When Kerstin Emhoff and Paul Hunter founded PrettyBird in 2007, they envisioned running their company unlike any other. Known for their creativity and production talents, the two wanted to take their company beyond the traditional commercial-production company model. “We wanted to create a hub that would be a creative think tank and bring all types of people in,” says Emhoff, cofounder and executive producer.
As the fledging company quickly branched out into different kinds of work, it quickly gained a reputation for breaking new ground and refusing to follow any formulas. “It was a lot of trial and error in the beginning, but now we’ve been able to do a lot of interesting projects using that model, so it’s paid off,” says Emhoff. With a high-profile roster of clients including Nike, Burger King, and Old Spice backing its unique approach, PrettyBird’s fearless leader unlocks the keys to its success.
From the beginning, and to this day, PrettyBird finds success in diversification. The company strives to reach beyond the traditional, tried-and-true projects, expand their offerings, and take on new roles. The team has dabbled in television, short films, live shows, and music programs. Emhoff adds, “We are trying to maximize the potential and outreach with all of our experience.” One of the important areas both founders wanted to create a new model for was in the music world. The entire industry was changing and music videos were not as relevant as they once were. Bringing artists and brands together could allow for creative ideas that went beyond traditional music videos, she says.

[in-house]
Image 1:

2. Stay lean
Consolidation is a key business strategy. They run a lean and mean ship. “People in the business think we’ve been around a lot longer and that we are bigger than we are, because of the amount of work we do,” Emhoff says. The firm has created a collaborative spirit within the office. When hired, employees were told they’d have to wear 10 hats and to forget the clearly defined roles that exist in other production companies. All 15 employees are encouraged to get involved with the projects. Without restrictions, Emhoff saw her employees blossom. “One of the rewarding things has been watching people grow. Paul’s former assistant is now our head of development,” she says.
3. Exploit talent
PrettyBird utilizes all of its talent resources. The traditional commercial production model has been the same for decades—directors direct and producers produce. They’re determined to break free from the restraining guidelines and they look at everyone and every situation in a different way. “We look at each project and try to see what else we can do,” Emhoff says. “We’ll bring in TV producers, game developers, or teens to get an idea of what’s cool. That has been an amazing influence on our company.” Developing young talent has been an asset to the company. PrettyBird’s young 20-something directing team, the Daniels, recently completed their first traditional commercial for Weetabix, a British cereal. They captured a girl doing urban street dancing to a popular style of teen music. While it was broadcast in the United Kingdom, it got huge attention and went viral, making it into the United States and hitting its target audience within a week of airing. “Not only is it a small world, but when something hits that super savvy audience, it goes very quickly,” Emhoff says.
4. Be Seen
Despite its stellar sales staff, PrettyBird doesn’t rely on a high volume of sales to build brand awareness. Instead, “we get the most attention with the work we produce. That brings in new business and new opportunities,” she says. Getting the chance to pitch a concept, develop a project, and introduce something unexpected is the quickest way for the company to get noticed. One of PrettyBird’s recent campaigns creating a buzz was for Nike Jordan—a 360-degree media experience with no broadcast component. “When the agency sent me the board, I said ‘I don’t know how to do this but I’m going to figure it out because it is going to be very interesting if it works,’” Emhoff says. Technical people were brought in and they developed a camera that shot a 360-degree story on the basketball court.